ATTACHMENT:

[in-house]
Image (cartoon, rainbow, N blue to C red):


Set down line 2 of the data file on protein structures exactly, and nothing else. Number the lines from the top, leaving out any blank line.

Image (cartoon, rainbow, N blue to C red):